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Number 1 Shimbun

Freedom on the Net 2019: The crisis of social media

By Adrian Shahbaz and Allie Funk

INTERNET FREEDOM IS INCREASINGLY imperiled by the tools and tactics of digital authoritarianism, which have spread rapidly around the globe. Repressive regimes, elected incumbents with authoritarian ambitions, and unscrupulous partisan operatives have exploited the unregulated spaces of social media platforms, converting them into instruments for political distortion and societal control. While social media have at times served as a level playing field for civic discussion, they are now tilting dangerously toward illiberalism, exposing citizens to an unprecedented crackdown on their fundamental freedoms. Moreover, a startling variety of governments are deploying advanced tools to identify and monitor users on an immense scale. As a result of these trends, global internet freedom declined for the ninth consecutive year 2019.


Social media allow ordinary people, civic groups, and journalists to reach a vast audience at little or no cost, but they have also provided an extremely useful and inexpensive platform for malign influence operations by foreign and domestic actors alike. Political leaders employed individuals to surreptitiously shape online opinions in 38 of the 65 countries covered in this report—a new high. In many countries, the rise of populism and far-right extremism has coincided with the growth of hyperpartisan online mobs that include both authentic users and fraudulent or automated accounts. They build large audiences around similar interests, lace their political messaging with false or inflammatory content, and coordinate its dissemination across multiple platforms.

While social media have at times served as a level playing field for civil discussion, they are now tilting dangerously toward illiberalism.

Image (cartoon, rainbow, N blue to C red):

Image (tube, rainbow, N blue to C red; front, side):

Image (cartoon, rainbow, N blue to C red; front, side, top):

Cross-border influence operations, which first drew widespread attention as a result of Russian interference in the 2016 US presidential contest, are also an increasingly common problem. Authorities in China, Iran, Saudi Arabia, and a growing list of other countries have expanded their efforts to manipulate the online environment and influence foreign political outcomes over the past year. Malicious actors are no doubt emboldened by the failure of democratic states to update transparency and financing rules that are vital to free and fair elections, and apply them effectively to the online sphere.

In addition to facilitating the dissemination of propaganda and disinformation during election periods, social media platforms have enabled the collection and analysis of vast amounts of data on entire populations. Sophisticated mass surveillance that was once feasible only for the world’s leading intelligence agencies is now affordable for a much broader range of states. Freedom House research indicates that more repressive governments are acquiring social media surveillance tools that employ artificial intelligence to identify perceived threats and silence undesirable expression. Even in democracies, such mass monitoring is spreading across government agencies and being used for new purposes without adequate safeguards. The result is a sharp global increase in the abuse of civil liberties and shrinking online space for civic activism. Of the 65 countries we assessed, a record 47 featured arrests of users for political, social, or religious speech.

While authoritarian powers like China and Russia have played an enormous role in dimming the prospects for technology to deliver greater human rights, the world’s leading social media platforms are based in the United States, and their exploitation by antidemocratic forces is in large part a product of American neglect. Whether due to naïveté about the internet’s role in democracy promotion or policymakers’ laissez-faire attitude toward Silicon Valley, we now face a stark reality: the future of internet freedom rests on our ability to fix social media. The United States must take the lead in rallying defenders of the open internet to fairly regulate a technology that has become a necessity for our commerce, politics, and personal lives.

There is no more time to waste. Emerging technologies such as advanced biometrics, artificial intelligence, and fifth-generation mobile networks will provide new opportunities for human development, but they will also undoubtedly present a new array of human rights challenges. Strong protections for democratic freedoms are necessary to ensure that the internet does not become a Trojan horse for tyranny and oppression. The future of privacy, free expression, and democratic governance rests on the decisions we make today.

Reprinted by permission

Published in: February 2020

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